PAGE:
• Self-filers got an average refund of just less than $1,500.
  • But folks who had their returns professionally prepared had an average refund of nearly $1,800!
  • Procrastinating self-filers, those who filed their returns during April, got an average refund of more than $1,800, while those who used a pro got an average $2,600 refund!

Those folks potentially lost hundreds of dollars by trying to save a buck and doing their taxes themselves. It doesn’t seem like such a smart choice now, does it?

Magnified Mistakes

The cost of DIY tax prep isn’t limited to the size of your refund. Your mistakes can also cost you in the form of penalties and interest.

The IRS checks every return for a signature (manual or electronic) and math errors and cross-checks all sources of income that are reported via W2s, 1099s, etc. So if you fail to report any income or enter the wrong number in the wrong column, the IRS will call you on it.

And if it turns out you owe taxes, by the time the IRS notifies you, penalties and interest will have already inflated that amount. You’ll be charged a penalty for paying late and you’ll be charged interest from the date the tax was due until the date of payment, and it compounds daily.

By working with a tax professional, you’ll not only have confidence that your taxes will be done right the first time, you’ll also have peace of mind that your tax professional will be there to help you if the IRS has questions about your return. File with [consumer] tax software, and you’re on your own if the IRS comes knocking…

The evidence is clear; trying to save pennies with DIY tax software can cost you thousands of dollars in unclaimed refunds, penalties and/or interest.  And one of the most important losses is your time.  Remember, even if you are using a “free” DIY tax service, you still have to take the time to for research, record keeping, learning the program and double checking all the figures.   It obvious that receiving a larger well deserved refund is more valuable than smaller refund.   However, the old adage that “time is more valuable than money” couldn’t be more true especially when the IRS reports that it can cost a taxpayer up to 32 hours simply to prepare an annual tax return!

So, save yourself time, money & the stress of preparing your income tax return yourself and contact an R&G Brenner tax professional today.  We offer a free consultation for your current year tax returns as well as your 3 previous years returns.  Plus, you can qualify for many promotions that can save you money & even make you money.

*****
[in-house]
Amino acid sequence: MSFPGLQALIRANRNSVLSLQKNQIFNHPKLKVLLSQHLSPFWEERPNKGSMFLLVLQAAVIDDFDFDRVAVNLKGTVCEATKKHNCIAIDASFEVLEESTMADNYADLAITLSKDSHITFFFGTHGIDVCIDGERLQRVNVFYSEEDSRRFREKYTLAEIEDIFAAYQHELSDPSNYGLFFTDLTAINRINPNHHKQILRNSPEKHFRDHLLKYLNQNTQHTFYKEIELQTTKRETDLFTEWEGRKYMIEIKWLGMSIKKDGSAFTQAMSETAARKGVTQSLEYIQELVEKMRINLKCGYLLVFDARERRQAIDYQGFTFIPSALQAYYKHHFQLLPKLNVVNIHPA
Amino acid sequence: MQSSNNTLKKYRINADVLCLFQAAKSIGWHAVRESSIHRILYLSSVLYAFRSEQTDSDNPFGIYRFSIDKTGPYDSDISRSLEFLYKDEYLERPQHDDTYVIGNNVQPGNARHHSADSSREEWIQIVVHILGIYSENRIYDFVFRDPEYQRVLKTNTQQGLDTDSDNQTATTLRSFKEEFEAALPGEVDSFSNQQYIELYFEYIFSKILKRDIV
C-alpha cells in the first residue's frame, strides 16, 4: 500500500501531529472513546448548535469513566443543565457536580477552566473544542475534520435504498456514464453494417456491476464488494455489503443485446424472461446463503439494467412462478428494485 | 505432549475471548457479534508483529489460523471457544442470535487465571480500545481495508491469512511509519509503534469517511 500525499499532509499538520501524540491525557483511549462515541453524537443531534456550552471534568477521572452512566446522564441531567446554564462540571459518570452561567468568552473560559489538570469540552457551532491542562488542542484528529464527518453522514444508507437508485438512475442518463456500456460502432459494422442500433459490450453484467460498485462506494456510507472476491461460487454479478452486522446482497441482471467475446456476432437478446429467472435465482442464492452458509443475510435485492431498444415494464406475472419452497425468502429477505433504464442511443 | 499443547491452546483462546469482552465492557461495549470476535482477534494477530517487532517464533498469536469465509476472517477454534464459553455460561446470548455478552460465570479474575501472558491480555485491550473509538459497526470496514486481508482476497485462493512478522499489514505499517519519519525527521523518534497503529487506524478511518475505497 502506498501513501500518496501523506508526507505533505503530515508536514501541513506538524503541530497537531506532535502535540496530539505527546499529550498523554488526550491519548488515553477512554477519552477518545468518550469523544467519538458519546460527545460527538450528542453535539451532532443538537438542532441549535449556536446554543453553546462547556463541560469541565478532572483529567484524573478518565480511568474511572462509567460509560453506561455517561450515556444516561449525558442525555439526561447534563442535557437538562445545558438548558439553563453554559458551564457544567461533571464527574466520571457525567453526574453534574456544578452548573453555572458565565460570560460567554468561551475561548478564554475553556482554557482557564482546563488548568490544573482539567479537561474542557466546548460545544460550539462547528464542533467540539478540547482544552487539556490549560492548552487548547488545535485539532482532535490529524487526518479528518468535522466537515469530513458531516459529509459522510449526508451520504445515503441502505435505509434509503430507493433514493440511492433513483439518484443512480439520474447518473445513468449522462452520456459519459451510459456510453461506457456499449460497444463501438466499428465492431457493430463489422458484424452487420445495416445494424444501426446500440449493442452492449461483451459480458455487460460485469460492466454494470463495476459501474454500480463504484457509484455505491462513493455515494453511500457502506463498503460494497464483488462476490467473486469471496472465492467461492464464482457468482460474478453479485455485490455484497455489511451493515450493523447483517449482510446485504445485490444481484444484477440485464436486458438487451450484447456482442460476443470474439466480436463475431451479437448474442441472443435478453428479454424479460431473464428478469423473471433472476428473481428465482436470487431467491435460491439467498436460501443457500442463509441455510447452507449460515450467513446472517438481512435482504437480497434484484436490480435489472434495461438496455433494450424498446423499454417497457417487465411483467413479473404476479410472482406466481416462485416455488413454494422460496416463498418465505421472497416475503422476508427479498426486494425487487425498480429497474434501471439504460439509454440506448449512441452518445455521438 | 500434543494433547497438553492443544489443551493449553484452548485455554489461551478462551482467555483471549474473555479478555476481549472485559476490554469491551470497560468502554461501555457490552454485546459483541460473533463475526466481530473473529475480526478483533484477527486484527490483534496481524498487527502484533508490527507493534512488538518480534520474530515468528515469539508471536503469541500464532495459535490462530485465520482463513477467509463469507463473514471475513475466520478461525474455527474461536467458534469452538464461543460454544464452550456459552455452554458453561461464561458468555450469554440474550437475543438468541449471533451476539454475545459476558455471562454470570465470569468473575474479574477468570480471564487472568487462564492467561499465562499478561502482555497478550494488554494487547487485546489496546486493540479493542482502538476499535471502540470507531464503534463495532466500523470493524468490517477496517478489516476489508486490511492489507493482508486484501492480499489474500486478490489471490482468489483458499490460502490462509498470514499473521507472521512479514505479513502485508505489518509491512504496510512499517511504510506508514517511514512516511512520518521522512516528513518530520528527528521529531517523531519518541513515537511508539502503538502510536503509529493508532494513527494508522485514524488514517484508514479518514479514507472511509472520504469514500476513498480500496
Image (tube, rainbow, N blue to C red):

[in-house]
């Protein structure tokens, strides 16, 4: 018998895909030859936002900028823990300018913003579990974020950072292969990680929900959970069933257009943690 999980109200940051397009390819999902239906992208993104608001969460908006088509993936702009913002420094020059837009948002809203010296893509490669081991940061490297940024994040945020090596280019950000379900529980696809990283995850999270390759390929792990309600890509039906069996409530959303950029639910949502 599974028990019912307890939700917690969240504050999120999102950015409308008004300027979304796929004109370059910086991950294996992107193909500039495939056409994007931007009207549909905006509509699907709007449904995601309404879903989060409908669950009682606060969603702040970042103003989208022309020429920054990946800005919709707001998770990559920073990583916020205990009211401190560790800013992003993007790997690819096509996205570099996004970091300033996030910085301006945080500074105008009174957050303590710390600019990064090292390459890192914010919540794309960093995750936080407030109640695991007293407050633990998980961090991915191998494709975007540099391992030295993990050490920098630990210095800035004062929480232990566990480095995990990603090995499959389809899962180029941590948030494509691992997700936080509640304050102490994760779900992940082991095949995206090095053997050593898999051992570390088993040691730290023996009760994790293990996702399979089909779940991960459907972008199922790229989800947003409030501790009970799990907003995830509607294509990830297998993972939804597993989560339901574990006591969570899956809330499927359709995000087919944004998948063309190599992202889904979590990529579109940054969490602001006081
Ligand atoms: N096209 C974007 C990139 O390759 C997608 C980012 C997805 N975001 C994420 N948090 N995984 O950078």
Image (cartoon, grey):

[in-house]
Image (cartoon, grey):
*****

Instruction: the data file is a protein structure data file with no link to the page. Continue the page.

Source: daveramsey.com

Same-Sex Couples Face Tax Hurdles

This past June, New York became the 6th state to legalize same sex marriage.  Regardless of ones individual beliefs concerning same-sex marriage, this much is clear:  Tax laws–which are already complex & confusing–are that much more baffling for same-sex couples. This is mainly due to the fact that the Federal Government does not recognize same-sex unions.  Same-sex couples must file separate federal returns, however they can file jointly in New York State and some other states that recognize these unions.

“What was supposed to be this way of expressing our love was going to seriously confuse our taxes, investments, estate planning, really all our finances,” says [Maggy] Porter, a registered nurse. “Our CPA is great, but even he seems pretty bewildered”

While marriage can save heterosexual couples a bundle, it could cost same-sex couples thousands of dollars in extra taxes and professional advice…

“Filing taxes for same-sex spouses is much more complicated, more expensive and time-consuming, and there is very little guidance from the IRS or elsewhere,” says Pan Haskins, a certified public accountant in San Francisco.

While the makers of popular do-it-yourself tax programs like Turbotax & H&R Block are modifying their programs to navigate these complex rules, financial planners are recommending that same-sex couples hire a tax professional to navigate these tax labyrinths:

New York State advises couples do two sets of federal returns — official individual returns for each partner, and a dummy return as if the pair were filing jointly. The joint return is “not to submit but to use it as a work sheet so that you are bringing the correct income information onto a joint state return,” says Ed Walsh, spokesman for the state Department of Taxation and Finance.

Some same-sex spouses are fed up enough to submit that joint federal return. Haskins reports, in her experience, the IRS has so far not challenged same-sex married returns. (IRS forms don’t ask for gender identification.) But she warns couples who file federal returns jointly that they risk financial penalties and a potential audit. “This,” she says, “is still the Wild West of financial planning.

If you would like more information regarding same-sex tax implications, contact an R&G Brenner representative today.  The following are some tax tips to consider for same-sex tax filers:

CONSIDER HOLDING ASSETS JOINTLY:  Income or expenses from joint assets can be allocated all or in part to either owner’s return.